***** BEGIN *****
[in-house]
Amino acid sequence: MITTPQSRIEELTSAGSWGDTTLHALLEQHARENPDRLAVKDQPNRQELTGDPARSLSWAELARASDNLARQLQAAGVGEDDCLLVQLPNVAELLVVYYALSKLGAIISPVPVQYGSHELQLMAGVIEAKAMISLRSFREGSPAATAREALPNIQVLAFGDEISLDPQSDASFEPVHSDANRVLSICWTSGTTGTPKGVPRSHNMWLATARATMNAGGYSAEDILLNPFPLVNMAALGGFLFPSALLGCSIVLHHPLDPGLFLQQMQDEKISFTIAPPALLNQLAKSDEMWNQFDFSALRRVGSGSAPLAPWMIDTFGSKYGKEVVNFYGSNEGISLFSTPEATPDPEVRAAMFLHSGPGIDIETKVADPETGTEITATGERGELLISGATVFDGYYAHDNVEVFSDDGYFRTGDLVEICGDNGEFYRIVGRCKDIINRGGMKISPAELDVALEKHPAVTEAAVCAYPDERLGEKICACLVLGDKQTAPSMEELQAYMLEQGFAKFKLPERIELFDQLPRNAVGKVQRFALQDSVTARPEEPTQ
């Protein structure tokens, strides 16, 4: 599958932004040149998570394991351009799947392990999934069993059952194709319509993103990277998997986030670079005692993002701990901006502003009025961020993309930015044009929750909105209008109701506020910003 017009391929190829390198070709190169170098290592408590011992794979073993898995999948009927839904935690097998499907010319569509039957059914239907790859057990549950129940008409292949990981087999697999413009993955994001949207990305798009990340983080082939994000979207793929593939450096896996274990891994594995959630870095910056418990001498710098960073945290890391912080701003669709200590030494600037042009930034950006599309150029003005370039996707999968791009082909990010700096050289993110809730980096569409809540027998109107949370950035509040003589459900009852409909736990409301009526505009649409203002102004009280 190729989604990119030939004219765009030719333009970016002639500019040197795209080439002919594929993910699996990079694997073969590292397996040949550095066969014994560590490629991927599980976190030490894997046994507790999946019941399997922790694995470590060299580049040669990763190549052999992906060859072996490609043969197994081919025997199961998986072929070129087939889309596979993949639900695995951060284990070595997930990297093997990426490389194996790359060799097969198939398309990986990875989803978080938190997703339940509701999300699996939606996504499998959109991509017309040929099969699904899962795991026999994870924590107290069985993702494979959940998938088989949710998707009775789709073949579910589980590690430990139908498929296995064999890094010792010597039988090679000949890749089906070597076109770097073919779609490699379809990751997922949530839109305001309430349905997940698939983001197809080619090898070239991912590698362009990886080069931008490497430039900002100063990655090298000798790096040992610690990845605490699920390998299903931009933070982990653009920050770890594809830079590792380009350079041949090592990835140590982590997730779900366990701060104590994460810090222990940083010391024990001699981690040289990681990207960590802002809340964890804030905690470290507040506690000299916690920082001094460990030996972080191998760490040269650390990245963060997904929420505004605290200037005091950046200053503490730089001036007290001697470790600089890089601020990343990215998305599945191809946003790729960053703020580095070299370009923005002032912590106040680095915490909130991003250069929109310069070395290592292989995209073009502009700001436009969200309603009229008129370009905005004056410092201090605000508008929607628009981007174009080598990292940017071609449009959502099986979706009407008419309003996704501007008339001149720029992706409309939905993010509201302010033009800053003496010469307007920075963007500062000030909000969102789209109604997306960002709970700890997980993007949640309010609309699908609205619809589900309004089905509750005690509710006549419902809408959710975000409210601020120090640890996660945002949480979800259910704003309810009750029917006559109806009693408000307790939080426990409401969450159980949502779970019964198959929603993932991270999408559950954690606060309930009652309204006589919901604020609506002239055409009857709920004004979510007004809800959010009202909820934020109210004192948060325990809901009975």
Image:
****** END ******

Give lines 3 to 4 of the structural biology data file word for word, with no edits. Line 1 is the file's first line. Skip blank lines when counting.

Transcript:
């Protein structure tokens, strides 16, 4: 599958932004040149998570394991351009799947392990999934069993059952194709319509993103990277998997986030670079005692993002701990901006502003009025961020993309930015044009929750909105209008109701506020910003 017009391929190829390198070709190169170098290592408590011992794979073993898995999948009927839904935690097998499907010319569509039957059914239907790859057990549950129940008409292949990981087999697999413009993955994001949207990305798009990340983080082939994000979207793929593939450096896996274990891994594995959630870095910056418990001498710098960073945290890391912080701003669709200590030494600037042009930034950006599309150029003005370039996707999968791009082909990010700096050289993110809730980096569409809540027998109107949370950035509040003589459900009852409909736990409301009526505009649409203002102004009280 190729989604990119030939004219765009030719333009970016002639500019040197795209080439002919594929993910699996990079694997073969590292397996040949550095066969014994560590490629991927599980976190030490894997046994507790999946019941399997922790694995470590060299580049040669990763190549052999992906060859072996490609043969197994081919025997199961998986072929070129087939889309596979993949639900695995951060284990070595997930990297093997990426490389194996790359060799097969198939398309990986990875989803978080938190997703339940509701999300699996939606996504499998959109991509017309040929099969699904899962795991026999994870924590107290069985993702494979959940998938088989949710998707009775789709073949579910589980590690430990139908498929296995064999890094010792010597039988090679000949890749089906070597076109770097073919779609490699379809990751997922949530839109305001309430349905997940698939983001197809080619090898070239991912590698362009990886080069931008490497430039900002100063990655090298000798790096040992610690990845605490699920390998299903931009933070982990653009920050770890594809830079590792380009350079041949090592990835140590982590997730779900366990701060104590994460810090222990940083010391024990001699981690040289990681990207960590802002809340964890804030905690470290507040506690000299916690920082001094460990030996972080191998760490040269650390990245963060997904929420505004605290200037005091950046200053503490730089001036007290001697470790600089890089601020990343990215998305599945191809946003790729960053703020580095070299370009923005002032912590106040680095915490909130991003250069929109310069070395290592292989995209073009502009700001436009969200309603009229008129370009905005004056410092201090605000508008929607628009981007174009080598990292940017071609449009959502099986979706009407008419309003996704501007008339001149720029992706409309939905993010509201302010033009800053003496010469307007920075963007500062000030909000969102789209109604997306960002709970700890997980993007949640309010609309699908609205619809589900309004089905509750005690509710006549419902809408959710975000409210601020120090640890996660945002949480979800259910704003309810009750029917006559109806009693408000307790939080426990409401969450159980949502779970019964198959929603993932991270999408559950954690606060309930009652309204006589919901604020609506002239055409009857709920004004979510007004809800959010009202909820934020109210004192948060325990809901009975």
Image: